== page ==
Folate is essential to a healthy pregnancy, as it is used in the formation of the brain and nervous system early in pregnancy. Lack of folate has been associated with spina bifida and neural tube defects.
Folate is found naturally in green leafy vegetables such as spinach, bok choy, choy sum, broccoli, Brussel sprouts, kale and asparagus. In is also present in lentils and legumes, some fruits like oranges and strawberries, as well as nuts and yeast spreads such as vegemite. In Australia and New Zealand, bread wheat flour (with the exception of organic bread) has now also been fortified with folate, 100g of bread or roughly 3 slices of bread will contain 135 micrograms of folic acid. We recommend including food sources of folate in your diet every day. You should be aware that cooking does destroy some of the folate present in foods, therefore it can be quite hard to meet your folate requirements for pregnancy in the diet alone. As only wheat flour is fortified many gluten free breads or breads from other cereal flours are not fortified.
The Royal Australian and New Zealand College of Obstetricians and Gynaecologists recommend most women have 0.4 milligrams of supplemented folate or folic acid. It is best to take this for three months before pregnancy and for at least the first 3 months of pregnancy. Please note the recommended dietary intake (RDI) advised by the New Zealand Ministry of Health and the Australian National Health and Medical Research Council during pregnancy is 0.6 mg per day, therefore it is important to have both supplemented and food sources of folate.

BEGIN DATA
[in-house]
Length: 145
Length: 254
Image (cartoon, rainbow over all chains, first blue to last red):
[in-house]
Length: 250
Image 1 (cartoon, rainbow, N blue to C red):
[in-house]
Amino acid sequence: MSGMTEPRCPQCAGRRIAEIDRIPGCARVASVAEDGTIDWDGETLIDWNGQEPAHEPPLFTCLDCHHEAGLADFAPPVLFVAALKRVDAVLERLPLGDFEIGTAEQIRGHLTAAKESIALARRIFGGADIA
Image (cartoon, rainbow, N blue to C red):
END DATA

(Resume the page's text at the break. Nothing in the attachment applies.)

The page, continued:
Those women who are at high risk of having a child with neural tube defects should have 5 milligrams. This includes women taking anti-convulsant medications due to epilepsy, women with diabetes, women have a BMI > 30, women who have had a previous child or family member with neural tube defects, or women who are at risk of poor food absorption such as those with coeliac disease or inflammatory bowel disease. Supplementing with folate is known to reduce the number of births of babies with spina bifida.
So in short eat plenty of folate foods, don’t forget your pregnancy multivitamin and talk to your doctor if you think you maybe at high risk and needed a higher dose supplement.